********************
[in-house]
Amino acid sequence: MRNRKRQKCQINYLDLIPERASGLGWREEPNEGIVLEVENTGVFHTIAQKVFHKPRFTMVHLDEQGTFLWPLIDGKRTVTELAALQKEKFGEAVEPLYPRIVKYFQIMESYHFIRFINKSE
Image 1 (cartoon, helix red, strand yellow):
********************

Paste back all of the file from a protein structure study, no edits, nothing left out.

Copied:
[in-house]
Amino acid sequence: MRNRKRQKCQINYLDLIPERASGLGWREEPNEGIVLEVENTGVFHTIAQKVFHKPRFTMVHLDEQGTFLWPLIDGKRTVTELAALQKEKFGEAVEPLYPRIVKYFQIMESYHFIRFINKSE
Image 1 (cartoon, helix red, strand yellow):